The Philippine Star

Why I love adobo


Adobo will always be a favorite. I’m partial to Nanay’s recipe. It was neither dry nor masabaw, just right. She served her adobo like rice toppings. Part of the meat was crispy, yet you could cut the softened bones of her chicken adobo. It was always a treat everytime Nanay cooked her chicken adobo and her to die-for

humba with black beans. Nanay wasn’t so much into cooking but her adobo was consistent­ly sybaritic.

Adobo is considered by many as the unofficial national dish of the Philippine­s. It comes from the Spanish word adobar which means marinade, sauce or seasoning. When the Spaniards came to the Philippine­s in the late 16th century, they discovered a cooking process that involved stewing with vinegar. Early Filipinos cooked their food by roasting, steaming or boiling. To keep it fresh longer, food was often cooked by immersing it in vinegar and salt.

For Filipinos, adobo is omnipresen­t in picnics, reunions and long trips because it has a long shelf-life. The pork and/or chicken is immersed in vinegar, soy sauce and other seasonings to keep it fresh longer even without refrigerat­ion. Due to its acidity, vinegar is used as a preservati­ve.

Every Filipino family has its own way of cooking adobo. Some recipes are handed down like priceless heirlooms by their great, great grandmothe­rs. It has also regional variations. Aside from pork and chicken,

adobo can be cooked with seafoods and vegetables like adobong kangkong and adobong sitaw. Its versatilit­y is wide-range that you can adjust and fine tune the recipes according to personal taste and availabili­ty of ingredient­s.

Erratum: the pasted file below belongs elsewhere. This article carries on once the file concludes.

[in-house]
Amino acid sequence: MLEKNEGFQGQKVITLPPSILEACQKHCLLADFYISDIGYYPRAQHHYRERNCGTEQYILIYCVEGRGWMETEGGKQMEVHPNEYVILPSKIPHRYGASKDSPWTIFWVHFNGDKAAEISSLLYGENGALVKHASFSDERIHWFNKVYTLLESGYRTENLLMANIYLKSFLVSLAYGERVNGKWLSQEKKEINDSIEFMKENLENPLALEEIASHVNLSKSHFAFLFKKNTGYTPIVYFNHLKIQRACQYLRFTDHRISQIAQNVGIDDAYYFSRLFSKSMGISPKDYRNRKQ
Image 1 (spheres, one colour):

Now, it is time for us, Filipinos, to take pride in what is uniquely our own. This is not the first effort to make adobo the national dish of the Philippine­s. In 2014, House Bill 3926 (led by Hon. Rene Relampagos from the First District of Bohol) was filed in Congress to declare adobo as our National Dish but the bill is still up for final deliberati­on until now.

Thus, the Adobo Movement was born. The goal is to hit at least 500,000 signatures to support House Bill 3926 to officially instate adobo as the National Dish of the Philippine­s.

Everyone is invited to be part

of this culinary cause. Just log on to­ons/adobomovem­ent and click on the sign petition button. You can also help spread the word to your family and friends by sharing your vote over Facebook or by sending the link to them so they can also join the movement. Datu Puti recently launched the Adobo Movement Food Fair at the Eastwood City Plaza Tent (tiangge area) to celebrate adobo as proudly Pinoy cuisine.

Here’s a simple but delicious recipe of Pininyahan­g Adobo that you can try at home:


½ kg. pork ¼ cup Datu Puti Vinegar ¼ cup Datu Puti Soy Sauce ½ cup water ½ cup pineapple tidbits 1 tbsp. garlic, minced 1 tbsp. onions, sliced 2 tbsp. sugar 1 tsp. ground black pepper Cooking directions: 1. Mix all ingredient­s together in a pot, except for the pineapple tidbits. 2. Simmer until sauce thickens. Then, place the pineapple tidbits. 3. Simmer for another three minutes. Stir, then, serve immediatel­y. Makes three to four servings. Neither am I a cook nor a chef. I simply didn’t have the culinary talent. But I love food. I love paksiw na

isda, I love a slice of angus beef and I love adobo. Before the end of 2015, I’m hoping to be able to do my own version of chicken-pork adobo.

 ?? —Illustrati­on by PHOEBE MARQUEZ ??
—Illustrati­on by PHOEBE MARQUEZ

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